Theodore Spencer, director of the Office of Under-
graduate Admissions. He was joined by a panel con-
sisting of General Counsel Marvin Krislov, LSA Dean
Terrance McDonald, and Prof. emerita Patricia Gurin.
Spencer and McDonald described the new
application process as having increased faculty
input - with faculty reviewing applications.
Applications contain more questions about stu-
dents and their family's background and place
greater emphasis on their socioeconomic situation.
Short-answer questions were added and expanded
as well as an optional essay to discuss awards, honors
and significant experiences. Students also have the
option to include SAT-II, AP and IB scores. New
Fuel cells promise
clean emission but
not in near future
By Adam Supernant
For the Daily
A project that could revolutionize
everything from the way people drive
their cars to the way toasters run,
hydrogen fuel cells are one of the lead-
ing technologies in decreasing the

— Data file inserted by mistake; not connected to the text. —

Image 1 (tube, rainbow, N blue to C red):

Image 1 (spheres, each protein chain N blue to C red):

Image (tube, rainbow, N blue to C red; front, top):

world's reliance on oil, gas and coal.
Despite several obstacles, fuel cells
could be the solution to Earth's dimin-
ishing fossil fuel supply and increasing
"Whether hydrogen is used directly
as a fuel or indirectly as part of fuel
cell, it would in all likelihood be an
improvement over most things we use
today to drive engines, heat spaces and
operate appliances;" said retired Urban
Planning Prof. Mitchell Rycus.
Demonstrated by the blackout last
month that paralyzed New England
and the Midwest, some say there is a
growing necessity for alternative ener-
gy sources that do not revolve around
traditional fossil fuels. In response, the
U.S. government and special interest
groups like the National Hydrogen
Association have launched initiatives
to develop renewable energy sources
and create a power grid that would
hydrogen fuel cells are
sound because their
only exhaust is water
fuel cells involves a reaction between a
hydrogen fuel source and oxygen that,
with the help of a catalyst, produces
energy useable in cars, household
appliances and ideally power plant
Environmentally, hydrogen fuel cells
are sound because their only exhaust is
water vapor. Economically, the market
for hydrogen production is vast
because it could be derived from an
infinitely renewable resource - water.
The new technology is still in its
early stages and questions regarding
the acquisition of mass quantities of
hydrogen have yet to be answered.
"However, the problem has always
been, where do you get the hydrogen?
All methods that I'm aware of require
another energy source, such as elec-
tricity, to extract hydrogen from some